This paper presents findings from a randomised control trial of 208 preschool (the year before formal schooling) children and their parents in the United Kingdom, where families were allocated to either an oral language program or a program targeting motor skills. With the support of centre staff, parents delivered the programs to their child at home in daily 20-minute sessions over 30 weeks. Families were invited to a small-group training session at their centre where they were informed of the project background, an overview and rationale for their teaching program, and a detailed look at the program materials. This study finds that children receiving the language program made significantly larger gains in language and narrative skills than the children receiving the motor skills program. These effects were maintained 6 months later, where the language group also scored higher on tests of early literacy.

Cabell, S. Q., Zucker, T. A., DeCoster, J., Copp, S. B., & Landry, S. (2019). Impact of a Parent Text Messaging Program on Pre-Kindergarteners’ Literacy Development. AERA Open, 5(1), 233285841983333. (open access) – early childhood education and care

This single study presents findings from a randomised control trial of 177 parents and their 4-year-old children, exploring the impact of a parent text messaging program on pre-kindergarteners' literacy development. Parents received text messages with either a language and literacy focus, or a health and wellbeing focus over a period of 25 weeks. This study finds that children entering the school year with higher skill levels benefited from the language/literacy program while those with lower initial skill levels benefited from the health/wellbeing program.

Chao, P.-C., Bryan, T., Burstein, K., & Ergul, C. (2006). Family-Centered Intervention for Young Children at-risk for Language and Behavior Problems. Early Childhood Education Journal, 34(2), 147–153. – early childhood education and care

This paper presents findings from a randomised control trial of 41 children aged 3–5-years at risk for language and behaviour problems. Families in the intervention group received parent-professional support and were trained to use the Child Behaviour and Language Assessment (CBLA), completed weekly
assessments of their children and submitted summaries to project staff. In addition to using the CBLA, families in the intervention group participated in an ongoing relationship with project staff. This study finds that children in the intervention group out-performed children in the control group, indicating that family-centred intervention is an effective method for empowering families to identify and implement concrete solutions to their children’s problems, especially when done as part of a professional collaboration.

Note: This study is included in Smith et al. (2021).

Colgate, O., & Ginns, P. (2016) The effects of social norms on parents’ reading behaviour at home with their child. Educational Psychology, 36(5), 1009-1023.– primary

This paper presents findings from two quasi-experiments in Australia involving a total of 124 children, examining the influence of parent social norms on parent’s home reading behaviour with their child. Two elementary schools were included in the study, with children aged from 5 to 7 years. Parents in the intervention group received a note encouraging them to participate in the New South Wales Premier’s Reading Challenge, whereby families read a minimum of 30 books with their child at home over a period of 6 months. This study finds that across the two schools, the intervention resulted in significantly more parents completing the reading, compared to the control classes who did not receive the information.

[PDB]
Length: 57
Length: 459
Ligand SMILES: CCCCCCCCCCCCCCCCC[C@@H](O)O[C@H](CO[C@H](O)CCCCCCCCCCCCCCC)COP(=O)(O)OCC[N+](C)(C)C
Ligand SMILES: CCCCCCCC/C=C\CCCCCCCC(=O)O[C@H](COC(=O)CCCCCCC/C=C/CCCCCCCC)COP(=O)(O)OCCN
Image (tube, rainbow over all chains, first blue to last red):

Note: This study is included in Axford et al. (2019).

Doss, C., Fahle, E., Loeb, S., & York, B. (2017). Supporting Parenting through Differentiated and Personalized Text-Messaging: Testing Effects on Learning During Kindergarten. (CEPA Working Paper No.16-18). (open access) – early childhood education and care

This paper presents findings from a randomised control trial, investigating the effects of a text-based program for kindergarten (the year before formal schooling) parents over a period of 8 months. Children in the differentiated and personalised program received 3 text messages per week based on the child’s developmental level with one or some of the following: 

  • facts, containing information about the skills of the week and the importance of that skill for academic growth
  • tips, suggesting a home literacy activity based on that skill
  • growth, containing a more advanced activity that was meant to extend the learning opportunity presented earlier that week, as well as encouragement aimed to provide immediate gratification.

Families in the ‘general’ group received the ‘facts’, ‘tips’ and ‘growth’ text messages each week, like the intervention group, however the content of their ‘tips’ and ‘growth’ texts did not include the strength of their children on the particular skill (for example, every family received the same activity, rather than one differentiated for their child). Control families received one text every two weeks containing general information (for example, about available services or emergency procedures) that did not promote parent-child interactions. This study finds that children in the differentiated and personalised program were 50% more likely to read at a higher level than the general group, and their parents reported engaging more in literacy activities compared to the control group.